Mark Kuchera sees boating safety in a new light. Having worked in a managerial position in the boating industry for years he has always put an emphasis on safety both in his own ventures and in on the water boat testings.
But a recent incident on Lake Conroe showed him that anyone can get complacent.
“A customer expressed interest in one of our boats. It was a Sportsman 214-an extremely well performing boat and one of the things I tell my customers when they are looking at our boats is that we need to get out on the water because everybody’s boat rides good when it’s smooth,” Kuchera said.
“They need to be able to see how the boat they want to get really performs.”
The customer took him up on the offer and said he had a 10-year-old 19-foot boat with a 90 horsepower motor on it.
“We picked a day and met out on Lake Conroe. It was really windy with south winds probably at 25 miles an hour,” Kuchera said.
“There were two foot whitecaps but that doesn’t scare me in that boat because it handles very well,” he added.
Kuchera put on his inflatable and asked the customer if he wanted to do the same before launching.
“We get off and we start going and are riding with the waves at that point. The boat is handling wonderfully. And we are going at around 50 miles per hour,” he said.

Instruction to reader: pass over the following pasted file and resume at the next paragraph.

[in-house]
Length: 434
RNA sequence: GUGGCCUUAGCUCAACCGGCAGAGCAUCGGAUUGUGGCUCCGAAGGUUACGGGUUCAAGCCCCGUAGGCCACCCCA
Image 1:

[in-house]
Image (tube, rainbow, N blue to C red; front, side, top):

Again this a rough day with continually declining weather.
“The customer turns and starts going horizontal with the waves,” Kuchera said.
One of the waves pushes the boat hard to the right and when it does the customer overcorrects to the left and then the bow goes down and the boat is instantly pushed over.
“I held on as long as I could and then I’m in the water and my customer is in the water. The water is cool and the waves are pounding and it’s pretty scary there for a minute,” Kuchera said.
The customer who did not choose to wear a life jacket also did not attach the lanyard that kills the boat if an incident such as this were to occur. The boat kept on going as they huddled together realizing that even with one inflatable stuck in the middle of Lake Conroe they would be alright.
Eventually some anglers were coming in due to the weather conditions and picked them up and brought them over to the boat which was essentially unharmed on a bank with the motor running.
“I got in the boat and we were able to get it back to the dock with no issues,” Kuchera said.
At the time he didn’t know his shoulder was hurt but after visiting three different specialists it was determined he had rotator cuff damage.
It however could have been much worse.
Kuchera now says all points of safety are not only considered but enforced during boat demonstrations and he tells everyone within earshot to wear their life jacket and to attach the kill chord.
“Boaters should never assume because they have experience with one kind of boat that they can safely operate another. We should all slow down a little and focus on safety first and enjoy the amazing times that boats can help provide.”